How technology and digitisation will transform health and social care
When was the last time you used a fax machine? If you work in the NHS, the answer is probably very recently. The NHS buys more fax machines than any other organisation in the world and staff frequently have little option but use them to send crucial patient information to colleagues.
This reliance on out-dated equipment is the reason why patients referred to hospital by their GP frequently need to re-register as a new patient on arrival, and why patients who’ve undergone major surgery are given hard copies of their x-rays and instructed to pass them on to their next doctor.
The situation, according to The Royal College of Surgeons, is farcical. But it doesn’t have to be this way. Digital technology provides new opportunities to transform and integrate health and social care services and process like never before. For patients this means reduced delays, faster treatment, a more tailored experience and more control. Ultimately, it can help lives to be saved.
How we transform health and social care to make these examples a reality is what brought me to a round table event in Portcullis House, hosted in partnership with the New Statesman, on the Future of Health and Social care. I was joined by politicians working on health care policy, health and social care IT experts, and transformation and ICT directors from several major NHS trusts. The event was particularly timely as it came just days after Matt Hancock, the Secretary of State for Health and Social Care, launched a tech vision that aims to be the foundation for a new generation of digital services that will meet the needs of clinicians, patients and managers.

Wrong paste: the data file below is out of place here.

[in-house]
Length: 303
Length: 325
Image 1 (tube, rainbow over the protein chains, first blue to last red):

Attendees at the round table were clear that health and social care should not be considered as different challenges, but that barriers to sharing information have resulted in them working in silos. For patients, the inevitable result is fragmentation and disconnection. Technology in hospitals, GPs surgeries, community care facilities and care homes frequently doesn’t talk to each other and so a common platform – the Health and Social Care Network (HSCN) – was welcomed as a vital first step to deeper collaboration across care providers. By providing common standards, the HSCN provides clarity to suppliers, supports interoperability, offers greater choice and encourages competition in the market which is essential to driving down costs. It also provides an opportunity for third-sector community organisations to play a role in a holistic care system.
The importance of strong leadership and partnership-working were recurring themes in the discussion with several attendees praising parts of the country which are already using connected care technology to successfully integrate health and social care. However, these were felt to be the exception and not the rule. There was broad consensus that to overcome this, connectivity partners must add value and establish trust with health and care providers to realise the benefits of technology. They need to build an in depth understanding of their customer, and patients’ needs, and support them in every step of their journey.
Technology has enormous potential to transform care, empower staff and patients, and put patients at the heart of what healthcare organisations do. Virgin Media Business has been a key player in the development of the HSCN, and so I left excited to work with our partners and customers to use our expertise to bring health and social care organisations together. We’ll be running a number of regional events to help organisations better define their needs and find ways we can help support their digital transformation. To find out more, please get in touch.
Originally posted here